„For children I’d sing even for free”

Csaba Szegedi is 32 years old. He was a student of Mária Fekete at the Béla Bartók Conservatory  and later became a student of Sándor Sólyom-Nagy at Budapest’s prestigious Ferenc Liszt University. The young singer represented Hungary  in Cardiff at the BBC Singer of the World competition. In 2011 he received the Junior Prima Award and later, in 2012 the Juventus Award.

Six years ago he was the youngest student to win a fellowship to the Hungarian State Opera. His first role was Figaro from Rossini’s famous The Barber of Sevilla and with it he exploded into opera-life. Today he is one of the most popular baritones in Hungary.

Anyone in Budapest – even if not an opera-goer – would recognize the face of Csaba Szegedi : he is seen all over the city on giant posters with the logo of the Sevilla football team on his chest and  a rasor in his hands, looking fierce – popularizing the Hungarian State Opera. He is one of the youngest opera singers of the institution, however, he didn’t want to become one for a long time.

’I was raised in Perkupa, a small vilage near Aggtelek. I was a good student not interested in soccer, and I had a stammer for years – so I was a bit of an outcast at school. I felt that the only one who really understood me was our preacher at the church, his services made a huge impact on me, so I decided to become a minister myself. However, after graduation my application to the university was not accepted. I felt everything fell apart but in fact my life has just begun. After a short period at the Faculty of Law of the University of Miskolc and the choir of the National Theatre of Miskolc, I suddenly found myself at the Béla Bartók Conservatory in Budapest.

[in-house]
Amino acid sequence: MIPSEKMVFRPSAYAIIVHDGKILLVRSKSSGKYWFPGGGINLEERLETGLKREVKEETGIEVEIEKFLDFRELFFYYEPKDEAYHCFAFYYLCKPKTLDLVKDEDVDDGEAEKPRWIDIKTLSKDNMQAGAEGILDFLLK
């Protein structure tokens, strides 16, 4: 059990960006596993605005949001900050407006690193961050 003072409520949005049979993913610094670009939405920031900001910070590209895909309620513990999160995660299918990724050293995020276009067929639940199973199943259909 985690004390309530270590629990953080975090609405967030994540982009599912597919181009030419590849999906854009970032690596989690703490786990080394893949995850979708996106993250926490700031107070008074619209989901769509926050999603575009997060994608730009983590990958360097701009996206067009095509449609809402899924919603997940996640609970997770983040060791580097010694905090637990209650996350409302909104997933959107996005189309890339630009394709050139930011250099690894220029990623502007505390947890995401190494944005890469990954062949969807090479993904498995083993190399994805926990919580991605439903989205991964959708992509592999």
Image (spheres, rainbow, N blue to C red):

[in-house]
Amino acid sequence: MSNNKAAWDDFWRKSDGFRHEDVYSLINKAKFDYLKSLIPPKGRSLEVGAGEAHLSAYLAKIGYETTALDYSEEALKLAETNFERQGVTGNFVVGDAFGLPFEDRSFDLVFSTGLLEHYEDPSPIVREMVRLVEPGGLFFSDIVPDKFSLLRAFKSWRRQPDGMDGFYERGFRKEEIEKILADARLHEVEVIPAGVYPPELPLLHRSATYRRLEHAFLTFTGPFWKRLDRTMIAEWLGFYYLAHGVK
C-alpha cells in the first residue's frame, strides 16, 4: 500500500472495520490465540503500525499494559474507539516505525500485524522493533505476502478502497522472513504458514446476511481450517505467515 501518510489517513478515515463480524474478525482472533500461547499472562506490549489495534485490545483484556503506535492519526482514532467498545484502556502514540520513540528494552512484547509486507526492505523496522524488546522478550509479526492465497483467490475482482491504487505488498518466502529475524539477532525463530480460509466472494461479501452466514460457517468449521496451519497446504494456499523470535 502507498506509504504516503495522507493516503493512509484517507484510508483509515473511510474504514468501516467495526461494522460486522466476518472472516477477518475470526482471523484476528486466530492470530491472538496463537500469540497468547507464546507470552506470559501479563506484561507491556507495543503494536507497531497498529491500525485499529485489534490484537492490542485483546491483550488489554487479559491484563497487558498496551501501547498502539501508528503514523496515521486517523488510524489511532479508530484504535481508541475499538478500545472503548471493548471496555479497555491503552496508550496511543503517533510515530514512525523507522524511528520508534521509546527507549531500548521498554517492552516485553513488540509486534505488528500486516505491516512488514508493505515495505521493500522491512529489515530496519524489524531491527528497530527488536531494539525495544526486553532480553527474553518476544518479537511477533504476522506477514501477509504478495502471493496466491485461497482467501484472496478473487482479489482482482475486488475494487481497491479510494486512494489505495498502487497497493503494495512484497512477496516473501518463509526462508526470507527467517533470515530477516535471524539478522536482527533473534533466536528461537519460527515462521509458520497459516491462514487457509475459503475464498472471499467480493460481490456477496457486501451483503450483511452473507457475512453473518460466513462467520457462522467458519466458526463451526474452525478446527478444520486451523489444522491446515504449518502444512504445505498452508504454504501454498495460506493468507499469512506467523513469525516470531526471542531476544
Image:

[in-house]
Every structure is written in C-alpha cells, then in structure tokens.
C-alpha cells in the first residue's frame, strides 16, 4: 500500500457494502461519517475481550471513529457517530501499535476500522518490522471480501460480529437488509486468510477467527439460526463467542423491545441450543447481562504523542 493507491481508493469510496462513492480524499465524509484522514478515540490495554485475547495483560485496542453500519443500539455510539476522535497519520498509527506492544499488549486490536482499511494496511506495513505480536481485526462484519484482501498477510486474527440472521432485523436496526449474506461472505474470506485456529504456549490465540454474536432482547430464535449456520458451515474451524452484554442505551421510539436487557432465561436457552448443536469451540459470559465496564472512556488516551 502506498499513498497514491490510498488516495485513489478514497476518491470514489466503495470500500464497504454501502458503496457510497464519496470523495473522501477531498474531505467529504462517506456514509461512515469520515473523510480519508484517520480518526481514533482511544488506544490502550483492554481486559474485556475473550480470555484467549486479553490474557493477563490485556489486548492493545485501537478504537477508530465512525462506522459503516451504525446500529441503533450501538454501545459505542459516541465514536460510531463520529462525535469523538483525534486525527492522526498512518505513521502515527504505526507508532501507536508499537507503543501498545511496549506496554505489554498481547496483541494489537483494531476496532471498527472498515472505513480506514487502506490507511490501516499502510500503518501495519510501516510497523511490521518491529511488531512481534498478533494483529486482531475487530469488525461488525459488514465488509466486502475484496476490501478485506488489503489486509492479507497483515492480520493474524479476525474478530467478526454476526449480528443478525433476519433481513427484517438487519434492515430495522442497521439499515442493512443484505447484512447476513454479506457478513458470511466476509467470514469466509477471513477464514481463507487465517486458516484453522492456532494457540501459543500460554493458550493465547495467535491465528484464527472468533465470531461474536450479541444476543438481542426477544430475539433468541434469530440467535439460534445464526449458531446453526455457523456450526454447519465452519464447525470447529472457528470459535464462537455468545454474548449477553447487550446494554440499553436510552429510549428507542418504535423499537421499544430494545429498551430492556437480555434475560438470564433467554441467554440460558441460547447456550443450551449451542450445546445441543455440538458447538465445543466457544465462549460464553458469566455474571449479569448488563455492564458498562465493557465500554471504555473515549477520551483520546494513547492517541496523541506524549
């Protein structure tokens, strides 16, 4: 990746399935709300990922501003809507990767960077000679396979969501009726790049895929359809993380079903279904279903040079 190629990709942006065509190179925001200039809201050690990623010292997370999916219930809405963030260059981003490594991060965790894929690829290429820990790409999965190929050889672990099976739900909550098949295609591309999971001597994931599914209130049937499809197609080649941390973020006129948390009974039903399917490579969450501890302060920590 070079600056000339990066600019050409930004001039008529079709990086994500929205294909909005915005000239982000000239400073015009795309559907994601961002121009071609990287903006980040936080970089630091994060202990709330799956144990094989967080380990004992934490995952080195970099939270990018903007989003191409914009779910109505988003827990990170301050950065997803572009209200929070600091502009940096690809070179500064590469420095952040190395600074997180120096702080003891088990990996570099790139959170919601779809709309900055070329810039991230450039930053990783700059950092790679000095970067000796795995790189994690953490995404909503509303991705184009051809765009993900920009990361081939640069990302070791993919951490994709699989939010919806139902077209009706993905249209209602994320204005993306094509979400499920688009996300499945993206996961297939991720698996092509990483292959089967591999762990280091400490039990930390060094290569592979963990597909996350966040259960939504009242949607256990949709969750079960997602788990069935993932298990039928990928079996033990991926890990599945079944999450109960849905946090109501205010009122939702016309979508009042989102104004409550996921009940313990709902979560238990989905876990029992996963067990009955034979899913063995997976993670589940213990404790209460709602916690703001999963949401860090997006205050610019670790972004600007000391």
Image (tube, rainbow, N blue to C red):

Just a few years later, as a student of the Ferenc Liszt University of Music, I could sing the famous role of Figaro from The Barber of Sevilla at the Opera. Since then, the roles kept on coming: Biberach, Don Giovanni, Papageno, and one of my favourite roles: Háry János.

For children I’d sing even for free. They are the most honest audience, they are not easy to please. Children only applaud if the performance really captures their attention. At the beginning of the season, I played Háry János at the OperaAdventure, – organized by the Erkel Theatre – I sang for 23 thousand kids. It was a great pleasure and honour to sing the role of the famous hero on the CD published by the Opera, which is spread in high schools and libraries.

You never know who’s listening… Sylvia Leidemann, leader of the Hungarian community of Buenos Aires heard one of my performances. She invited me to Argentina where I gave three concerts and a workshop for the students of the Music Academy. Those few weeks were unforgettable.

Since May, I prepare for the new production of Iphigeneia in Tauris directed by Róbert Alföldi. This is the last production of the season in June: I’m playing the mad tyrant, King Thoas. This character is the greatest challenge for me this season: the register is incredibly high, and the role involves singing one of the most difficult baritone arias. As an actor it is also a great opportunity, the character can be really memorable for the audience. The personality of King Thoas is entirely different from mine – neither am I mad, nor a tyrant – you can ask my wife.

I met Franciska at the Opera House, I heard her footsteps at the staircase. As it turned out, it was a good idea to find out whose footsteps they were. As a result of a long and persistent  courting we got married last August and this year we are expecting our baby boy. This is the happiest period of our lives.

Gyöngy – 2014/4
Translator: Fanni Sólyom – Nagy